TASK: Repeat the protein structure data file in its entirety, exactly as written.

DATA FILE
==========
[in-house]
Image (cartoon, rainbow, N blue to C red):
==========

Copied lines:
[in-house]
Image (cartoon, rainbow, N blue to C red):